This FTSE 100 stock pays out £2.31 per share in dividends. Time to buy?

Ben McPoland takes a look at the stock with the highest FTSE 100 dividend yield and wonders whether investing in it is worth the risk.

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In March, Vodafone cut its dividend in half. This has left British American Tobacco (LSE: BATS) shares carrying the highest dividend yield in the FTSE 100.

Each share offers a dividend of £2.31, which translates into a massive 9.9% yield.

And while Vodafone proved that a ultra-high yield is often a red flag, British American Tobacco seems to be a rare exception. In fact, I reckon eyebrows would be raised if this firm’s payout was slashed by 50%.

But should I buy this tobacco stock for my portfolio? Let’s discuss.

The case against

The company owns cigarette labels such as Camel and Lucky Strike, as well as smokeless brands Vuse (e-cigarettes), Velo (pouches), and Glo (heated tobacco).

These helped bring in roughly £27.3bn in revenue in 2023. However, 81% of that came from cigarettes, and smoking has been in decline for yonks, as we all know.

Indeed, declining smoking rates resulted in a £27.3bn write-down in the value of some of its American combustible brands last year. And this non-cash impairment charge resulted in a £15.7bn loss from operations.

Additionally, its alternative products, notably vaping, are coming under increasing regulatory pressure. Some countries have already banned them and more could follow.

Will vaping replace cigarettes and have the same high profit margins? Or will that industry also eventually go up in a puff of smoke? This uncertainty is why the share price has fallen 24% in five years.

The case for

We will work to Build a Smokeless World. The way we will do this is by switching as many smokers as we can to our smokeless products.

British American Tobacco

On the other hand, these are not exactly new concerns. And the massive yield is the reward for taking on these risks.

I have to admit the forecast dividends here do look enticing.

Financial yearDividend per shareDividend yield
2025 (forecast)248p10.5%
2024 (forecast)238p10.1%

Of course, no dividend is absolutely guaranteed. But the payout ratio was 63% of earnings last year, which suggests the dividend’s sustainable.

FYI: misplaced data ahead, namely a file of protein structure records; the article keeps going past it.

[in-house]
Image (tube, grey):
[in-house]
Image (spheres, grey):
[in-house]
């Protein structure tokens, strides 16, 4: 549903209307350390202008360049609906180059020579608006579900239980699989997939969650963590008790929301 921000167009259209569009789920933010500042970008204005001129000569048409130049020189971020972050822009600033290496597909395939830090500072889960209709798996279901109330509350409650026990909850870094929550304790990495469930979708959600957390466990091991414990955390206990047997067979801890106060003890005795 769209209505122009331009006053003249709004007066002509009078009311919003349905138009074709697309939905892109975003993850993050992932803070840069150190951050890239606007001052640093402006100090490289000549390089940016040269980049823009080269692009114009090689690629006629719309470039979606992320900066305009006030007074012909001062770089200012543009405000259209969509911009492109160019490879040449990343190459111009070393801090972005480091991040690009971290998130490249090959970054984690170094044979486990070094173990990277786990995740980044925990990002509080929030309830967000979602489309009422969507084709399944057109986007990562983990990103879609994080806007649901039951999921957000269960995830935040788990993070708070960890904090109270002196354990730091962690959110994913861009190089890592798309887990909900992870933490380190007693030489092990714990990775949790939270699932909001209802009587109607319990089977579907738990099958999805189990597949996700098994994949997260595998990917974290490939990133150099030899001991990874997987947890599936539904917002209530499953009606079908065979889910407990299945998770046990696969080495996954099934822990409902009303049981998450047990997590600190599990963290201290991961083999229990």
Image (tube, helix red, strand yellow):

Moreover, it plans to buyback £1.6bn worth of its shares after selling a portion of its stake in Indian consumer-products company ITC. It will buy back £700m worth in 2024 then use the remaining £900m in 2025.

ITC dominates the Indian cigarette market, and British American’s investment in it is still worth roughly $15bn. Not a bad asset to have in the back pocket if need be!

Finally, its New Categories division achieved profitability for the first time last year — a full two years ahead of schedule That’s also a positive sign for the future.

My verdict

In the 1980s, Warren Buffett said: “I’ll tell you why I like the cigarette business. It costs a penny to make. Sell it for a dollar. It’s addictive.”

Today, the company still possesses pricing power and remains a cash machine. However, due to falling tobacco sales, the stock now trades at a bargain-basement valuation.

We’re looking at a forward price-to-earnings (P/E) of 6.4, with a forecast dividend yield of 10.1%. For context, in mid-2013, the shares were trading on a forward P/E of 15, with a prospective yield of 4.3%.

To me, this high-yield FTSE 100 dividend stock offers exceptional value. So much so, I’ll embrace the risks and add it to my income portfolio.

Should you invest, the value of your investment may rise or fall and your capital is at risk. Before investing, your individual circumstances should be assessed. Consider taking independent financial advice.

Ben McPoland has no position in any of the shares mentioned. The Motley Fool UK has recommended British American Tobacco P.l.c. and Vodafone Group Public. Views expressed on the companies mentioned in this article are those of the writer and therefore may differ from the official recommendations we make in our subscription services such as Share Advisor, Hidden Winners and Pro. Here at The Motley Fool we believe that considering a diverse range of insights makes us better investors.

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